Fall is only a month away and that means the holidays can’t be too far off. And we all know holidays mean family and visitors that most likely will want to bunk at your place. But what if your home isn’t ready for visitors? Don’t fret, Hippo friends—we are here for you with our top 10 easy fixes to get your home ready for those holiday-time home crashers!
1) Make sure you have plenty of hooks! Though this one seems simple think of that huge coat pile that will undoubtedly end up on your bed if you don’t have enough hooks for coats, purses, hats, etc.
2) Check those door handles and make sure they are set correctly on the spindles lest they break at an inopportune moment. No Aunt Phyllis stuck in the bathroom this year!
3) Speaking of doors. It’s time to check on/replace those springs in your mortise locks. Heaven forbid it breaks and now your door won’t lock. Your guests and family will thank you.
4) Do you live in an old home with NO lock on your bathroom door? It might be a great time to add a simple slide bolt to keep those knock-while-entering visitors at bay.
6) You’ve got a gorgeous light fixture but it’s broken, and sure, you will get it rewired someday. . . but man that would suck if you wait too long and it burned the whole place down. There’s no time like the present to drop a little money and get that puppy UL certified! Safety first, friends.
7) Are your guest rooms dark and gloomy? Add a beautiful vintage lamp and give your guests some reading light so they aren’t keeping you up all night instead.
8) Guests and visitors mean time to stock up on bathroom accessories like towel bars and soap holders! God forbid your cousin and her kids pile all their wet towels on top of yours. Gross.
9) Make sure those hinge pins (especially on your bathroom doors!) are tapped down as you wouldn’t want your doors falling off. . . at the inopportune moment. And while you’re at it, replace your ugly boring hinges with beautiful vintage ones.
10) Who needs more mirrors? You do! So do your guests! As Mary Poppins says, “A thing of beauty is a joy forever.” She’s probably quoting someone else, but the point remains: a beautiful vintage mirror adds that practically perfect touch and every room needs at least one.
Want to know the best thing about this list? You can find everything (and so much more) at Hippo Hardware! Plus our experts are here to give you advice whether you want it or not, helpful hints and tips and general emotional support as family-time draws near.
Since the spindle kit is one our best selling items, we felt it merited a blog post to explain the increase in our price from $10 to $20. Our wholesale costs rose dramatically these past few months due to (we've been told) the price of steel. We'd like to offer a few options:
1) Our original threaded/tapped spindle kit which is great for saving lovely old doorknobs on a threaded spindle. See our blog post all about how to fix antique doorknobs here. These are still our favorite option, but the cost is higher.
2) We have started carrying a less expensive reproduction straight tapped spindle kit. These will function the exact same as our threaded/tapped spindles once your knobs are mounted. Getting them on, however, might be more difficult depending on your set. These spindles do not have any threads so if you're using them with a threaded doorknob where the threads are damaged, you may have to file out the remaining threads to get this spindle to work.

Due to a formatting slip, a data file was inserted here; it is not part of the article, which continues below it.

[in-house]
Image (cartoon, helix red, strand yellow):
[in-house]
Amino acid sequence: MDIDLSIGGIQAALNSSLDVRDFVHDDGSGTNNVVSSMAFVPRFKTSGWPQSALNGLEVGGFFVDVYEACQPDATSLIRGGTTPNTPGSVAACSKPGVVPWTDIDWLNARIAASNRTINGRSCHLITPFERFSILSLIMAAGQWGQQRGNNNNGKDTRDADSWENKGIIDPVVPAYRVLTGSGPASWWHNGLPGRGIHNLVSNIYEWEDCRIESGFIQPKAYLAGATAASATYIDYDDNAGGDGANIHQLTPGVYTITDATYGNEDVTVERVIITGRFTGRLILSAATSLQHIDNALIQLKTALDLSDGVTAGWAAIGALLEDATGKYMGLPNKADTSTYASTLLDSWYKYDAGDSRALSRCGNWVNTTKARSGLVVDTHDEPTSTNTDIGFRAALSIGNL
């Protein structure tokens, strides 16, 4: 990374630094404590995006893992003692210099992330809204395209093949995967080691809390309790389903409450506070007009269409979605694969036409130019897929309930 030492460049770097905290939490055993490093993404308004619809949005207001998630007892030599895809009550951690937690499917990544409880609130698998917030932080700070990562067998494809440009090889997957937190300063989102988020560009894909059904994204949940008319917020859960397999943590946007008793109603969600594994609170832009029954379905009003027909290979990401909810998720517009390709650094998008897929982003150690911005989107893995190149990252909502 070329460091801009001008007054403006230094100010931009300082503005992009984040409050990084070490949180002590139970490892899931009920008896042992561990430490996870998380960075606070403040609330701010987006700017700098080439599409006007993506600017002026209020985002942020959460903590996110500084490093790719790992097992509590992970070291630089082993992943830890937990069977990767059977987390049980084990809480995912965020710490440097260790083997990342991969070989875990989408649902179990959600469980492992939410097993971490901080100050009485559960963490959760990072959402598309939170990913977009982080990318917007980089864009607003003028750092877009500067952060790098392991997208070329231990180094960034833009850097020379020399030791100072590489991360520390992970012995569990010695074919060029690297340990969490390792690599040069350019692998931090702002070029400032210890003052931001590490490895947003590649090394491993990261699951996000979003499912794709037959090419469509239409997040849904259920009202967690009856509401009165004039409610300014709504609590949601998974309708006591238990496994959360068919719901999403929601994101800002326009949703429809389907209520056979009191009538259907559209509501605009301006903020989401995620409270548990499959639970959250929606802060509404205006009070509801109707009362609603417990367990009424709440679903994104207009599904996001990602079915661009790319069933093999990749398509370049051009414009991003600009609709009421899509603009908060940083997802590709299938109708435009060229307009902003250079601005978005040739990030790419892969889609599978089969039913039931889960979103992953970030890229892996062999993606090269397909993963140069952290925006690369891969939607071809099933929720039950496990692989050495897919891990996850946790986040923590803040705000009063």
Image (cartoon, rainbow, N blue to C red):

3) Threaded spindles (thread 16, thread 18, and thread 20) which work if your threads are still in good shape however you will need to know the thread size in your knob. Our wholesale on these spindles has not gone up so the prices remain much lower.
Thanks for your patience while we've gotten this sorted out. Please keep us posted on how best to help you our with your projects.
Here at Hippo Hardware, re-purposing discarded material is a pillar of our business, a personal passion, and a stylish way to include the past in our modern lives.
A favorite starting material for many of our customers is a salvaged door. Not only does a door make a great statement piece, but the quality of construction are rarely matched in our modern era. With some delicate sifting, we would love to share some of our favorite projects!
Hall trees reached their peak of popularity during the Victorian era. Although they can be difficult to find today, a DIY version is easily within reach.
With a few doors, some gorgeous vintage hardware, and a little elbow grease, a stunning and practical hall tree is made. Add a mirror or a shoe rack to organize your entry space!
With the same convenience as standard lumber, doors can also be used to craft some amazing seating options. From a cottage style, deep sitting chair to a wonderfully weathered swinging bench for your patio, the possibilities are truly endless.
We love this innovative yet the simple design by far is a hanging table suspended by vintage styled hemp rope.
And don't overlook doors for a statement DIY coffee or end table. You can impress your company and customize it to your personal needs and space.
A simple slice down the length of a 4 or 6 panel door creates the perfect ends for an elegant, stylish bookcase. Creative organization can easily be conquered with some simple planning.
Both glass and solid panel doors can be suspended from the ceiling to create amazing room dividers!
Alternatively, hinge doors together for a folding screen using whatever doors fit your fancy. Great for photo shoots as well!
Whether you call them barn doors, stall doors, or sliding doors, a rail and matching hardware quickly turns any door into the centerpiece of your creative space.